Our data suggest a positive association between hyperinsulinemia and breast cancer risk that occurs through non-estrogenic mechanisms, and that is not mediated by breast density.
Primary prevention of breast cancer in women with hyperinsulinemia may be possible by targeting insulin signaling pathways.
Treatment of diabetics with metformin is associated with decreased breast cancer risk in observational studies, but it remains unclear if this drug has clinical antineoplastic activity. In a recent presurgical trial, we found a heterogeneous effect of metformin on breast cancer proliferation (ki-67) depending upon insulin resistance (HOMA index). Here, we determined the associations of additional serum biomarkers of insulin resistance, tumor subtype, and drug concentration with ki-67 response to metformin. Two-hundred non-diabetic women were randomly allocated to metformin (850 mg/bid) or placebo for 4 weeks prior to breast cancer surgery. The ki-67 response to metformin was assessed comparing data obtained from baseline biopsy (ki-67 and tumor subtype) and serum markers (HOMA index, C-peptide, IGF-I, IGFBP-1, IGFBP-3, free IGF-I, hs-CRP, adiponectin) with the same measurements at definitive surgery. For patients with a blood sample taken within 24 h from last drug intake, metformin level was measured. Compared with placebo, metformin significantly decreased ki-67 in women with HOMA > 2.8, those in the lowest IGFBP-1 quintile, those in the highest IGFBP-3 quartile, those with low free IGF-I, those in the top hs-CRP tertile, and those with HER2-positive tumors. In women with HOMA index > 2.8, drug levels were positively correlated with the ki-67 decrease, whereas no trend was noted in women with HOMA < 2.8 (p-interaction = 0.07). At conventional antidiabetic doses, the effect of metformin on tumor ki-67 of non-diabetic breast cancer patients varies with host and tumor characteristics. These findings are relevant to design breast cancer prevention and treatment trials with metformin.
Electronic supplementary material
The online version of this article (doi:10.1007/s10549-014-3141-1) contains supplementary material, which is available to authorized users.
Metformin; ki-67; Breast cancer; Clinical trial; Insulin resistance; HER2 breast cancer
The biguanide metformin is widely prescribed for Type II diabetes and has anti-neoplastic activity in laboratory models. Despite evidence that inhibition of mitochondrial respiratory complex I by metformin is the primary cause of its cell-lineage-specific actions and therapeutic effects, the molecular interaction(s) between metformin and complex I remain uncharacterized. In the present paper, we describe the effects of five pharmacologically relevant biguanides on oxidative phosphorylation in mammalian mitochondria. We report that biguanides inhibit complex I by inhibiting ubiquinone reduction (but not competitively) and, independently, stimulate reactive oxygen species production by the complex I flavin. Biguanides also inhibit mitochondrial ATP synthase, and two of them inhibit only ATP hydrolysis, not synthesis. Thus we identify biguanides as a new class of complex I and ATP synthase inhibitor. By comparing biguanide effects on isolated complex I and cultured cells, we distinguish three anti-diabetic and potentially anti-neoplastic biguanides (metformin, buformin and phenformin) from two anti-malarial biguanides (cycloguanil and proguanil): the former are accumulated into mammalian mitochondria and affect oxidative phosphorylation, whereas the latter are excluded so act only on the parasite. Our mechanistic and pharmacokinetic insights are relevant to understanding and developing the role of biguanides in new and existing therapeutic applications, including cancer, diabetes and malaria.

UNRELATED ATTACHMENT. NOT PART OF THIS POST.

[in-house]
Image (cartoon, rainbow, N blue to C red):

Metformin is a widely prescribed anti-diabetic, but its mode of action is disputed. It has been proposed to inhibit respiratory complex I. We show how metformin and related compounds affect both complex I and ATP synthase in mammalian mitochondria.
ATP synthase; biguanide; complex I; metformin; NADH:quinone oxidoreductase; reactive oxygen species (ROS); AMPK, AMP-activated protein kinase; DMEM, Dulbecco’s modified Eagle’s medium; ECAR, extracellular acidification rate; FeCN, ferricyanide; HAR, hexaammineruthenium(III); OCR, oxygen consumption rate; OCT1, organic cation transporter 1; ROS, reactive oxygen species; SMP, submitochondrial particle
Obesity and diabetes mellitus are associated with an increased risk of pancreatic cancer. These associations may be secondary to consequences of peripheral insulin resistance, pancreatic β-cell dysfunction, or hyperglycemia itself. Hemoglobin A1c (HbA1c) is a measure of hyperglycemia, whereas plasma insulin and proinsulin are markers of peripheral insulin resistance, and the proinsulin to insulin ratio marks pancreatic β-cell dysfunction.
This was a prospective, nested case-control study of 449 case patients and 982 control subjects with prediagnostic blood samples and no diabetes history from five prospective US cohorts followed through 2008. Two or three control subjects were matched to each case patient by year of birth, cohort, smoking, and fasting status. Pancreatic cancer risk was assessed by prediagnostic HbA1c, insulin, proinsulin, and proinsulin to insulin ratio with multivariable-adjusted logistic regression. All P values were two-sided.
The highest vs lowest quintiles of HbA1c, insulin, and proinsulin were associated with with an increased risk for pancreatic cancer (odds ratio [OR] = 1.79; 95% confidence interval [CI] = 1.17 to 2.72, P
trend = .04 for HbA1c; OR = 1.57; 95% CI = 1.08 to 2.30; Ptrend = .002 for insulin; and OR = 2.22; 95% CI = 1.50 to 3.29; P
trend < .001 for proinsulin). Proinsulin to insulin ratio was not associated with pancreatic cancer risk. Results were similar across studies (all P